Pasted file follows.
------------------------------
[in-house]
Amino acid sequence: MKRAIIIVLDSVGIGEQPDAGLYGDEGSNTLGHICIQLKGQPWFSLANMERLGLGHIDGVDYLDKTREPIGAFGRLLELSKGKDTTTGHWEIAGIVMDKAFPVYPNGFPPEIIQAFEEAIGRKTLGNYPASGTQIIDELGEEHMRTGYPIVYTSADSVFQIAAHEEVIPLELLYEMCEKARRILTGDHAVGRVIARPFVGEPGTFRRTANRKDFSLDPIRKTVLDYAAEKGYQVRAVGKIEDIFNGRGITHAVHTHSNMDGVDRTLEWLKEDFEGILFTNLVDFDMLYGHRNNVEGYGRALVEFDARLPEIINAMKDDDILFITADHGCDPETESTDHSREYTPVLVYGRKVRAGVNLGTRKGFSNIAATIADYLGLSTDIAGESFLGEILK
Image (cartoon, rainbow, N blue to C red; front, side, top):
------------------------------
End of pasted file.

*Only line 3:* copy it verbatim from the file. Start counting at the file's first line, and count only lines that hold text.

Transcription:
Image (cartoon, rainbow, N blue to C red; front, side, top):